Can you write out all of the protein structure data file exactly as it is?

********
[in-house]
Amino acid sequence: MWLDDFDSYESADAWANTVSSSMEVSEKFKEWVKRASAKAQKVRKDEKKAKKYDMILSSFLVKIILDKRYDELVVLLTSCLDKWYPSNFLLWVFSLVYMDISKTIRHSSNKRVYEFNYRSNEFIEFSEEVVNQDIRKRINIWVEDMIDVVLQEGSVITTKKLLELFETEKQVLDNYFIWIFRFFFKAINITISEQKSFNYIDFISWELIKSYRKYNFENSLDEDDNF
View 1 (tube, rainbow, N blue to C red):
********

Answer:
[in-house]
Amino acid sequence: MWLDDFDSYESADAWANTVSSSMEVSEKFKEWVKRASAKAQKVRKDEKKAKKYDMILSSFLVKIILDKRYDELVVLLTSCLDKWYPSNFLLWVFSLVYMDISKTIRHSSNKRVYEFNYRSNEFIEFSEEVVNQDIRKRINIWVEDMIDVVLQEGSVITTKKLLELFETEKQVLDNYFIWIFRFFFKAINITISEQKSFNYIDFISWELIKSYRKYNFENSLDEDDNF
View 1 (tube, rainbow, N blue to C red):